The foundation stone of St John the Baptist Church was laid on 24th May 1875 and can still be seen today under the east window along with several coins of the day which rest nearby. The building committee was headed by the vicar Reverend William Bray.

The church design is in a Gothic style with a nave, north and south aisles and a decorative and ornate chancel. Coloured bricks are used abundantly and the dressed Bath stone gives a warm and pleasing effect.

An arcade of four bays divides the nave from the south and north aisles. The piers carrying the arches forming the arcades are diagonal on plan and have detached columns of Bath stone running up the four angles. Upon the arches rest large octagonal capitals, delicately carved and of the decorated naturalesque type.

The nave roof rests upon vaulting shafts supported by stone corbels. Of these corbels twelve represent the heads of the twelve apostles and the rest show leaves and flowers probably to reflect Frederick Townsend?s love of botany, so prominent in other areas of the church. The aisle is laid with Staffordshire tiles. The internal woodwork is of pitch pine and the roofs are of timber, open and unvarnished. In the chancel they are panelled and topped at each intersection by carved bosses.

1884 saw the north transept completed for an organ chamber with the organ being added in 1885. There was to be a spire but this was not built but, in 1887, the funds for an alternative tower were given by Mrs Franklin of Shedfield Lodge, in memory of her husband. In 1895 it was decided that more room was needed and the north aisle was added. Various stained glass windows were fitted to windows in the south wall between 1885 and 1900. The William Bray windows were fitted into the south aisle in 1896. Then in 1898 the large stained glass east window was fitted in memory of Admiral Sir Augustus Phillimore.

The chancel floor was laid with marble in 1903 and the marbles used are Cippolino and Verde Antico in the centre, Irish Rossa and Belgian Dove in the narrow bands also with white Italian.

Outside, the apexes of the different gables are crowned with foliated crosses of stone with steep pitched tiles roofs. The tower originally held a peel of 6 bells, cast by Taylor and Company of Loughborough and. Two more bells were added in 1941 and rang for the first time to celebrate the victory in the battle of Alemein in 1942. It was hoped that a four faced clock would adorn the new tower. However, funds were not sufficient and so we have a single face clock, dating from 1891, set into the south wall of the tower.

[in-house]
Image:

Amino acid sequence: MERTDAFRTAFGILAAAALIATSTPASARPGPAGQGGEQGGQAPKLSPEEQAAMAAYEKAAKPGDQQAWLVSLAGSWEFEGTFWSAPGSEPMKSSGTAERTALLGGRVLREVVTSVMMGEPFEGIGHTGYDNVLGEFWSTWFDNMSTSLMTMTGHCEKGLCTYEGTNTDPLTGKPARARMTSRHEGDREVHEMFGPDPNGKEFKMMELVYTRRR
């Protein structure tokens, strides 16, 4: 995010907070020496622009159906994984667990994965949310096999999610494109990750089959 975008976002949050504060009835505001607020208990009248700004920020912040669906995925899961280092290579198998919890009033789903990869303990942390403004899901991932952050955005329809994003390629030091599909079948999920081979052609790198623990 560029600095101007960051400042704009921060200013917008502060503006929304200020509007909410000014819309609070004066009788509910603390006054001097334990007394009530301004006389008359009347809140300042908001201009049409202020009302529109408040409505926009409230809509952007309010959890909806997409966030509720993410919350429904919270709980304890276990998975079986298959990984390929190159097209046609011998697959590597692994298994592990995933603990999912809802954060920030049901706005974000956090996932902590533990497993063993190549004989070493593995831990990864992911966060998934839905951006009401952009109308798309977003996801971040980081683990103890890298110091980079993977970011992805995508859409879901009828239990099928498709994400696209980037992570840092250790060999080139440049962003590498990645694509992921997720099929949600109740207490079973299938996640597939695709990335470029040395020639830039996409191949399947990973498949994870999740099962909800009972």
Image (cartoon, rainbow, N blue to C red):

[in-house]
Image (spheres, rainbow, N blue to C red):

The main oak door was given by the Reverend William Bray, who alas died in 1879, just before the church was completed.

The pulpit, given by the Townsends, is of Caen stone, octagonal in shape, and stands in a central shaft. It was erected in memory of Samuel Wilberforce, late bishop of Winchester 1869-1875. and the carved stone displays many varieties of plants and fruits.

The font was given also by Mr and Mrs Townsend and the beautiful canopy was carved by Thomas and company of Winchester and given in 1905 by the Reverend A B Alexander in memory of his sister Elizabeth Buttemer.

Once the church was established many artefacts were given as memorials including the processional cross of cast and chased brass given in memory of Lt Matthew Phillimore by his parents. It displays the crucified Christ in the centre with medallions of symbolic figures for the four evangelists: St Matthew the man; St Mark the lion; St Luke the ox; and St John the eagle.

The typical lectern is again of brass and was given by the architect John Coulson in memory of his parents.

The choir stalls, beautifully carved in oak came from the Rev Alexander?s family in 1905 and carved under the direction of his daughter. The parishioners gave the Reredos in memory of Rev Alexander in 1906.

The chancel screen, again carved in oak was added around 1922. The doors reflect the emblem of the Diocese of Winchester prior to the creation of the Portsmouth Diocese in 1927. The organ was made by A J W Walker and Sons and was purchased in 1885 at a cost of £280.00. It has had several overhauls, the latest being in 2008, and is still giving excellent service.

A Lady Chapel was created in the north aisle in 1961 along with the ribbed oak doors to the organ chamber. This gift from Admiral Sir Desmond Dreyer again reflected the great naval history connected with this church. In the window of the chapel lies an Oberammergau carving of Christ on the cross with is mother keeping her vigil. The two prayer desks were later additions and made locally by Mr Hammond of Moorhill.

The Reverend Eric Staples made various changes to the interior during his incumbency (1954-1963). The font was moved to the south aisle, but subsequently restored to its current position; the chancel roof was repainted and the front pews were removed with Portland stone being laid between the pews and the chancel screen.

A choir vestry was created in 1974 by removing rows of pews from the south transept behind the choir stalls and by using plate glass to retain the best use of light. The pews at the rear transept were removed in 1996 and replaced with the chairs.

The Parish embroidery displayed on the north wall and was stitched by ladies of the Parish to celebrate the millennium.

Finally, the latest addition to the church is the Study Centre. It was a lifelong ambition of the Reverend Geoffrey Morrell who was not only vicar of this parish for 25 years but also the longest surviving kidney dialysis patient in the United Kingdom. It was designed by Terry E Roberts, built by a local company H H builders of Bishops Waltham, and dedicated by the Bishop of Portsmouth in September 2003.